Pet Toxins

My Dog Ate Chocolate – What Do I Do?

dog ate chocolate

So your dog ate chocolate – now what do you do? You’ve come home to find Valentine’s Day or Halloween candy wrappers scattered everywhere, or your dog counter-surfed and grabbed a cup of cocoa powder meant for a batch of brownies. 

I’m here to break it all down for you. I’ll explain why chocolate is bad for dogs and what you can do when your pup takes a bite of some of that chocolate yumminess.

What is in chocolate that makes it toxic to dogs?

Chocolate contains methylxanthines, which are naturally occurring stimulants made up of the alkaloids theobromine and caffeine. Theobromine is found in cacao beans, grown from small evergreen trees (Theobroma cacao) that are native to Central and South America.

The amount of theobromine in cacao beans varies naturally with growing conditions and the varietal strain of T. cacao

Caffeine and theobromine have similar effects on the body, such as stimulating the cardiovascular and neurologic systems, along with restlessness and faster-than-normal breathing. However, the effects of theobromine last much longer than the caffeine’s. The final methylxanthine content (caffeine plus theobromine) of cacao-derived products varies with the degree of processing that occurs.

The main point is this right here: the more chocolate there is in a product (i.e. the darker the chocolate), the more theobromine there is. And the more theobromine there is in a treat, the more dangerous it can be for your dog.

my dog ate chocolate

And the last thing your pup needs is to be sick, right?

Chocolate ingestion can be a serious medical emergency, which means once you’ve realized what has happened, you need to act fast.

The Merck Veterinary Manual shows the approximate levels of theobromine in different types of chocolate, as follows:

Type of chocolate

Theobromine amounts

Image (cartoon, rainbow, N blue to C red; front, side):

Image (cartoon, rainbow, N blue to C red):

Pure cocoa powder

800 mg/oz

Unsweetened (Baker’s) chocolate

450 mg/oz

Cocoa bean mulch

255 mg/oz

Semisweet/dark chocolate

150-160 mg/oz

Milk chocolate

44-64 mg/oz

White chocolate


As you can see from the above chart, baking chocolate and dark chocolate contain higher amounts of theobromine and white chocolate contains such a small amount that it is negligible. Milk chocolate is commonly found in many store-bought or homemade treats, so it usually depends on the weight of the dog and how much chocolate is ingested whether or not your pup will become ill.

Signs of chocolate poisoning typically appear in 2-12 hours. In dogs, initial symptoms of chocolate ingestion include:

  • Vomiting
  • Restlessness
  • Bloating
  • Drinking lots of water

With larger ingestions of chocolate, you might see:

  • Frequent urination
  • Increased body temperature
  • Tremors
  • Seizures
  • Collapse and death

Pancreatitis, infection or inflammation of the pancreas, can occur after your dog ingests chocolate, particularly a large amount. The most common symptoms you might observe are vomiting, diarrhea, and abdominal pain.

dog ate chocolate

What should you do if your dog ate chocolate?

The first thing to do if you find that your pup got into your chocolate stash is to check out how much was ingested and specifically what was eaten. 

  • Grab a pen and a piece of paper (or your phone) and write down how much was eaten or how much chocolate is missing. Six Hershey kisses? A slice of chocolate cake? One-half cup of cocoa powder? Jot it down and keep this info handy.
  • Remove any more chocolate from the area. You don’t want your dog grabbing another piece of something while you are trying to record info for the vet.
  • Call your Veterinarian’s office. Be prepared to tell them your pet’s weight, what type of chocolate was ingested, and also an approximate time or window that the chocolate was consumed.
  • If your Vet is closed, you can call either a pet urgent care, pet ER, or Animal Poison Control. I have linked two websites for poison control below.

ASPCA Pet Poison Control